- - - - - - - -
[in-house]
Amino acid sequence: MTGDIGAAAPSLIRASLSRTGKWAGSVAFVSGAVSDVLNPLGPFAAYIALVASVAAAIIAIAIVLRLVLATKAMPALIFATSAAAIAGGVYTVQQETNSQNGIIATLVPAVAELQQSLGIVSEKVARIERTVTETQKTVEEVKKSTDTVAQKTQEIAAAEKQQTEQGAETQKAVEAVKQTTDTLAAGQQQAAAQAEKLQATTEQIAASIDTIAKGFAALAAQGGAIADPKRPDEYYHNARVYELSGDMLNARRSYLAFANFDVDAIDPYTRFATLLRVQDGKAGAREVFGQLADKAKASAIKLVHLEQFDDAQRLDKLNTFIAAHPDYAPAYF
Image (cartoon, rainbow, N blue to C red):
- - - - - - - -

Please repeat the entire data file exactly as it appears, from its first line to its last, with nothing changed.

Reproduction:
[in-house]
Amino acid sequence: MTGDIGAAAPSLIRASLSRTGKWAGSVAFVSGAVSDVLNPLGPFAAYIALVASVAAAIIAIAIVLRLVLATKAMPALIFATSAAAIAGGVYTVQQETNSQNGIIATLVPAVAELQQSLGIVSEKVARIERTVTETQKTVEEVKKSTDTVAQKTQEIAAAEKQQTEQGAETQKAVEAVKQTTDTLAAGQQQAAAQAEKLQATTEQIAASIDTIAKGFAALAAQGGAIADPKRPDEYYHNARVYELSGDMLNARRSYLAFANFDVDAIDPYTRFATLLRVQDGKAGAREVFGQLADKAKASAIKLVHLEQFDDAQRLDKLNTFIAAHPDYAPAYF
Image (cartoon, rainbow, N blue to C red):